Nate Webmail Testing: What You Need to Know
Nate is a Web portal in South Korea featuring a wide variety services including email. In 2003, they acquired social media website CyWorld and the following year they surpassed their rival Duam by achieving 3.8 million local page views.
In this post, we’ll be examining how well Nate supports common HTML and CSS elements in email. If you need to see how your email looks in Nate, try our email testing platform! Email on Acid proudly supports email testing in this client.
The bottom line? Nate has amazing support for common email HTML and CSS!
We tested a set of common HTML elements and CSS styles to see how well supported they are.
Headers and Paragraphs
Accessibility is a hot topic in the email development world, with good reason, and semantic HTML markup is key to good accessibility. Good news here as Nate will render both heading and paragraph tags.
Like a good number of webmail clients, I found Nate to have support for all the usual padding methods. I tested the following code.
padding: 20px; padding-left: 20px; padding-right: 20px; padding-top:20px; padding-bottom: 20px; padding: 20px 0px 20px 0px;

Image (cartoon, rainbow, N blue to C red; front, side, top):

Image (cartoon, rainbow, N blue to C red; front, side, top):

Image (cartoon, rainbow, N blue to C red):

Nate has good support for borders, including stylised borders such as dashed or dotted borders.
border: 5px solid #ff0000; Border-radius: 5px;
A fun little element to use in email, border-radius enables us to use rounded corners without images. Nate will also render dashed and dotted borders.
Font and Text styles
I found Nate to support all our common text and font options with the following code.
font-size: 14px; font-family: sans-serif; line-height: 16px;
I’m very happy to say animated GIFs will render fully in Nate.
A fun little way of progressively enhancing your emails, Nate will support box shadows.
box-shadow: 10px 10px 5px #888888;
Background colours also render well in the Nate webmail. In terms of adding colour you have the freedom to do it with either HTML attributes or inline CSS.
HTML: background="#ff0000" CSS: background-color: #ff0000;
I’m also happy to report that background images will work in Nate, however you will have to use HTML attribute backgrounds, rather than CSS to achieve this.
A requirement of a fluid-hybrid layout, max-width will work within Nate!
max-width: 600px !important;
I found that both ordered and unordered lists work.
Good news to report on this! Nate breaks the pattern of many webmail clients by supporting <style> tags in the head of your email.
|<style> in head|
|<style> in body|
|CSS inline background|
|HTML attribute background|
Overall Nate is one of the best email clients we’ve tested in this series. Unlike many others who fall at the hurdle of stripping styles, Nate will allow you to control the style of your email through embedded style sheets.
It’s important to test emails constantly, we never know when an email client will change how it handles code. Nate is included in our suite of email clients to test on, so if you’re sending email to South Korean recipients, we’ve got you covered!
Author: Alex Ilhan
Hailing all the way from England, Alex brings his email development expertise along with an endless stream of cups of tea and British cynicism. Follow him on Twitter: @omgitsonlyalex.